Home » Columns »

The Employee Ownership Update

Corey Rosen

October 30, 1998

(Corey Rosen)

New Study Shows ESOPs Improve Performance in Public Companies

A new study by Hamid Mehran of Northwestern University for Hewitt Associates has found that ESOPs in 382 publicly traded companies increased the return on assets (ROA) 2.7% over what would otherwise have been expected. The study looked at financial returns of the companies for two years before the plan's implementation and four years after. Each company was compared to industry norm ROA figures for both periods. Mehran also found that for the 303 ESOP companies surviving the entire four-year post-ESOP study period, ROA was 14% higher than the comparison group scores, while for the 382 companies as a group, ROA was 6.9% higher for the four-year period. Over 60% of the companies experienced an increase in their stock price in the two-day period following announcement of the ESOP, with the average increase for all companies at 1.6%. This suggests the stock market now reacts positively to ESOPs, a change from the pattern in the 1980s when ESOP announcements were often seen as an indicator a company was trying to prevent a hostile takeover.

The study also included results from a qualitative survey of 230 companies on ownership culture issues. 82% of the executives reported that sharing ownership increased corporate performance, but only 18% said that it increased ownership behavior among non-managers. 85% of the companies reported increased access to company information for employees, including financial information, business unit strategies, corporate strategies, and customer expectations.

The study is the largest yet undertaken of ESOPs in public companies. These results are the first phase of as much more detailed project now underway.

The most recent academic analysis of ESOPs in public companies came to a different conclusion. Gary Florkowski, Karen Shastri, and Kuldeep Shastri reported their results in the "Working Paper Series" of Carnegie Mellon University (January 1995). They looked at financial and employment data for 159 publicly traded companies that set up ESOPs between 1973 and 1989. They found the companies had lower profitability than their peers prior to setting up an ESOP and continued this relatively poor performance after the plan was in place. While some measures, such as employee retirement assets and stock returns, improved in the post-ESOP period, in general, the differences between the pre- and post-ESOP periods were not significant.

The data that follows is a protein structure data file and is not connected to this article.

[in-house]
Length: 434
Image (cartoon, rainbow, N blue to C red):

The generally negative findings on ESOPs in public companies that have been reported before the Mehran study may be related to the fact that Mehran's sample includes more recent adopters. Anecdotally, it seems that public companies have been late adopters of "employee ownership culture" programs relative to their private company counterparts. Because research shows that these cultural attributes are what make ownership effective, it may be only now that some positive results are being reported.

Author biography and other columns in this series

Return to regular version